Our findings also revealed a consistent subsynaptic structure in which evoked release is more clustered and restricted than spontaneous release, as such an organization would lead to photobleaching having a stronger effect on evoked release. Photobleached probes within the evoked release site have greater difficulty diffusing out of the bleached region and allowing unbleached probes to enter. Thus, within a few minutes, evoked release reaches a nearly undetectable level, and it takes a much longer time for the signal to recover. In contrast, spontaneous release may occur more broadly across the synapse, likely with less pronounced surface protein alignment at the site of release (Figure 7). These events are harder to photobleach because the mobility of iGluSnFR is high, such that by the time another spontaneous event occurs, unbleached iGluSnFR will have replenished the photobleached probes and be able to respond to subsequent spontaneous release events. iGluSnFR moves faster, on the order of seconds, than the rate of photobleaching which occurs on the order of minutes. Another explanation could be that there is a greater number of spontaneous release sites compared to evoked release sites, so that even if one release site is bleached, there are many others that have not been affected and could still fluoresce upon glutamate release. However, the latter proposal is inconsistent with the observation that 10–15 min long application of the use-dependent N-methyl-D-aspartate receptor (NMDA) receptor blocker MK-801 or folimycin, a use-dependent blocker of presynaptic vesicle acidification, are sufficient to suppress spontaneous neurotransmission (Atasoy et al., 2008; Sara et al., 2005). Therefore, our photobleaching period of 20 min is beyond this time period and should have been sufficient to suppress all events if photobleached iGluSnFRs were not rapidly replenished. Finally, the time for evoked iGluSnFR events to recover fluorescence takes longer than for spontaneous events, which further suggests that there is a greater diffusion barrier within evoked release sites compared to spontaneous sites.

Model schematic demonstrating the clustered and diffusion restricted organization of evoked events, compared to the more diffusely located and freely moving structure of spontaneous event sites.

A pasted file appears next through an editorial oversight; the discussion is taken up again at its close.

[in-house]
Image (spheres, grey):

Evoked events are more readily photobleached, likely due to its clustered location and less diffusible surface. Spontaneous events are still detectable after photobleaching, likely due to the more freely diffusible nature of its structure and their dispersed location. Recovery for spontaneous release occurs on the order of minutes, likely due to synaptic and extrasynaptic diffusion of unbleached probes into the bleached regions. Recovery for evoked release occurs on the order of hours.

Our experiments were performed in an in vitro culture system as much prior synaptic work has been done in primary cultures, thus our results more directly build upon previous work (Ramsey et al., 2021; Renner et al., 2017; Tang et al., 2016; Zhang et al., 2018). While we would expect the findings from primary cultured neurons to largely translate to an intact brain system, there may be some differences. For instance, the differences in extracellular matrix composition may affect diffusional properties, and the 3D nature of synapse organization within the dense neuropil could lead to differences in glutamate dynamics compared to a monolayer of neurons (Matthews et al., 2022). It is also possible that more complex ex vivo brain tissues may introduce technical complications in detecting differences in photobleaching and fluorescence recovery of iGluSnFR probes. Furthermore, imaging synapses in intact brain systems would be better performed on a two-photon microscope, and this would require a recharacterization of iGluSnFR dynamics and photobleaching properties by a different microscope.

The differences in event detection after photobleaching and fluorescence recovery, as well as a clustered distribution uncovered by super resolution analysis, support a model of synaptic organization where different modes of neurotransmission are segregated. Here, we demonstrate that photobleaching can be used to probe the spatial segregation of different modes of neurotransmission. These results demonstrate a novel use for a widely recognized property of fluorescence probes, expanding the ways in which we use photobleaching as a molecular tool, as well as demonstrating the spatial organization of different modes of neurotransmission.